Tables in Word are powerful tools for presenting data in a structured manner. Sorting a table alphabetically can help in quickly organizing and retrieving information, whether it’s names, locations, or any other data type. This process involves selecting the table or specific columns within the table and applying a sorting rule that reorders the rows based on the alphabetical order of the chosen column. This method is invaluable for managing large sets of data within tables, facilitating easier analysis and comprehension.

  1. Highlight the Table
    Select the entire table you wish to sort.

  2. Access the Sorting Feature
    Navigate to the “Home” tab and click on the “Sort” button within the “Paragraph” group.
    Windows 11 - Word - Table - Home - Paragraph - AZ

  3. Configure Table Sorting
    In the “Sort” dialog, choose the column you want to sort by from the “Sort by” dropdown. Specify the sorting order (ascending or descending). Click “OK” to reorder your table rows based on the selected column’s data alphabetically.
    Windows 11 - Word - Table - Home - Paragraph - AZ - Sort by - City - Accept

  4. Check Sorting
    Review the sorted table to ensure it meets your requirements.

    Windows 11 - Word - Table - Home - Paragraph - AZ - Sort by - City - Result

FAQ – Frequently Asked Questions About Sorting in Word

Why can’t I sort my text alphabetically in Word?

Inability to sort text in Word could be due to several factors. Firstly, ensure the text isn’t placed within text boxes, headers, or footers, as these areas might not support sorting. Secondly, the document might be protected, which restricts editing functionalities including sorting. To check and remove protection, go to the “Review” tab, select “Restrict Editing,” and see if any restrictions are applied. If so, remove them as per your document’s security policies.

Can Wordpad sort text alphabetically like Word?

Wordpad is a basic text editor and lacks many advanced features, including the ability to sort text alphabetically. For tasks requiring sorting, it’s recommended to use Microsoft Word or another advanced text editor. These programs offer comprehensive sorting functionalities, including alphabetical sorting, sorting by date, number, and more advanced options such as sorting by specific criteria within the text.

What is the shortcut key for sorting alphabetically in Word?

Microsoft Word doesn’t have a pre-defined shortcut key for alphabetical sorting. However, you can create a custom shortcut for this function. To do so, access “Word Options” by clicking on the File tab, then “Options.” Go to “Customize Ribbon” and then to “Customize” for keyboard shortcuts. Choose “Home Tab” in the “Categories” list, find the “Sort” command in the “Commands” list, and then assign a new keyboard shortcut that doesn’t conflict with existing ones.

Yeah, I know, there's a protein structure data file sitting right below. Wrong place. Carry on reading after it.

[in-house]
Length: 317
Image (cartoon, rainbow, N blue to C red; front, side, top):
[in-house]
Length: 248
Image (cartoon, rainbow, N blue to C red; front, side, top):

Is there a way to automatically keep rows together when sorting alphabetically in Excel from Word?

When sorting data in Excel that has been imported from Word, ensuring that related rows stay together is crucial. To achieve this, use the “Sort” feature under the “Data” tab. Before sorting, ensure all related data is within the same row and that there are no blank rows or columns within the data range. Excel treats each row as a single record, so keeping related information in the same row ensures it remains together when sorted.

How do I alphabetize folders on my desktop similar to sorting in Word?

Alphabetizing folders and icons on your desktop involves a simple process. Right-click on an empty space on your desktop, hover over “Sort by,” and then select “Name” from the context menu. This will reorder your desktop icons and folders alphabetically. For further customization, such as sorting by size, item type, or date modified, these options are also available in the same context menu.

Why sort a list alphabetically? What are the benefits?

Sorting a list alphabetically organizes data in a predictable order, making it easier to find specific items quickly. This is particularly useful in long lists or documents where quick retrieval of information is necessary. Alphabetical sorting can also improve the readability and presentation of your data, making it more accessible and understandable to others. In professional settings, such as reports, directories, or bibliographies, alphabetical sorting ensures a standard format that aligns with conventional organizational methods.

How do I handle titles like ‘The’ when alphabetizing a list in Word?

Titles such as ‘The‘, ‘A‘, or ‘An‘ can disrupt the intended alphabetical order. To handle these, you might choose to ignore such articles during sorting. In Word, this isn’t automated, so you’ll need to manually adjust your list or temporarily remove the articles for the purpose of sorting. Another approach is to place the article at the end of the title (e.g., “Great Gatsby, The”) before sorting, then revert the changes if necessary.

Can I use Word’s sort feature to arrange items in reverse alphabetical order?

Yes, Word’s sort feature allows you to arrange items in reverse alphabetical order (Z-A). To do this, select the text or table you wish to sort, navigate to the “Home” tab, click on “Sort” in the Paragraph group, and in the “Sort Text” dialog box, under “Order,” choose “Descending.” This will reorder your selected content in reverse alphabetical order, which can be useful for various organizational or analytical purposes.

Can I alphabetize a multilevel list in Word without merging levels?